Although it can be used either as a pet name or food, Honey and products from the hive have been used in medicine since before Christ and is mentioned in Pliny the Elder’s (23AD – 79AD) Naturalis Historius as a remedy. Some of these medicinal uses include: as an expectorant to loosen phlegm in the chest during respiratory diseases (honey and lemon tea), as part of Chinese medical herbal prescriptions, as a remedy for diarrhea and gastric ulcers due to H. Pylori infections and most interestingly as wound dressings and some commercially prepared wound gels of Manuka honey for the treatment of MRSA (multi-drug resistant staphylococcus aureus bacteria) and burns. It is this last particular function, which is often neglected in hospitals where it should be used the most.
Honey in its unpasteurized form contains small amounts of hydrogen peroxide, MGO (Methylglyoxal- a naturally present non-peroxide antibiotic substance) as well as propolis (which is a resinous antibacterial, antifungal and antiviral substance secreted by honeybees). When used to dress a wound, the wound is first cleaned, then honey is applied to the dressing (sterile gauze) as well as to the wound, and then covered. The dressing is changed daily. This might seem strange as most people would think that bacteria would like nothing better than to eat the honey, yet this is actually not the case. The reason for this stems from the fact that honey has a very high osmotic pressure, which proves to be too high for bacteria to survive.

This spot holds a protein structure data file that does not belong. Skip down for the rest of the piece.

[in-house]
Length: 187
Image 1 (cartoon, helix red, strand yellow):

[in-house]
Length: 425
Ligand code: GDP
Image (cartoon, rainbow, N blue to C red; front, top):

Osmotic pressure is simply the pressure applied by a solution to prevent the inward flow of water across a semi-permeable membrane (which in this case is the bacteria’s cell wall). Of course the hydrogen peroxide and propolis don’t hurt either. Honey as a dressing also has another valuable function, that being, a steady supply of glucose to the cells that are healing. This type of dressing is ideal for venous ulcers, compression ulcers and bedsores, which are difficult to treat in the elderly or bedridden. Pasteurized honey can also be used, but a drop of 3% hydrogen peroxide should be added to the honey just to be safe. So the next time that a sore turns funny, get your honey to add their sweet touch, Sonny!